Banks fail to adopt single rate on dollar asset reporting
Banks have not adopted a uniform exchange rate in reporting foreign currency assets in their financial statements, a Fitch Ratings report has said.
The banks’ action falls below the International Financial Reporting Standards (IFRS) which the lenders are expected to comply with. Many of the Tier-1 banks have released their 2017 full year results.
The IFRS guidelines state that companies operating in countries with multiple exchange rates should translate their foreign currency assets and liabilities into local currency based on the exchange rates at which they expect to settle them. But the guidelines leave room for considerable judgment and flexibility, and Nigeria operates with multiple exchange rates, which adds to the confusion.
The global rating agency said the need for uniform exchange rate reporting becomes exigent as exchange-rate risk warrants scrutiny for banks as about 40 per cent of assets and liabilities in Nigeria’s banking sector are denominated in dollars and not all banks operate with matched foreign currency positions.
Confirming the asset reporting gaps, Exotic Capital said foreign exchange measures implemented by the authorities appear to have worked. “We think we may see more lenders adjust the exchange rate used in reporting results. Such adjustments could impact capital and other metrics, but we think the banks are in a better position to deal with these adjustments now than some were before,” it said.
The research firm, said banks’ management teams appear as focused on changes in required provisions against specific exposures to the power sector and to companies, such as 9 Mobile, for instance, as they are on the overall impact of IFRS 9 implementation.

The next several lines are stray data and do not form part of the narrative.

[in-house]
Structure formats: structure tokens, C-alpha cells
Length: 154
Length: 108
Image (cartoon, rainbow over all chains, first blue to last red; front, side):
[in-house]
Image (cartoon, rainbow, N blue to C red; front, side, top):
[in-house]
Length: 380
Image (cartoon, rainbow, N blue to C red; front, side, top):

“Lenders expect regulatory risk reserves to help offset the impact of the transition to IFRS 9, at least in part. Provisions against loans to the power sector and against 9 Mobile exposures may rise at some banks. Having said this, most banks believe the worst is behind us and asset quality metrics may improve as the year progresses,” it said.
Continuing, Fitch said banks’ move to a more market-based presentation of dollar-currency assets, liabilities and profit-and-loss items is likely to come into focus as the lenders begin to publish their 2017 results.
Fitch said financial statements with foreign currency items translated more in line with market exchange rates will give a more realistic representation of banks’ foreign currency positions and capital at risk from potential further depreciation of the naira.
“Our discussions with banks that we rate suggest that most will publish their 2017 financial statements based on the Nigerian Foreign Exchange Fixing (NiFEX) rate (about NGN330/$) instead of the official exchange rate of NGN305/$, which they previously used. Some may use a blended rate. The NiFEX rate is the Central Bank of Nigeria’s (CBN’s) reference rate for spot foreign-exchange transactions, widely used on the interbank market,” it said.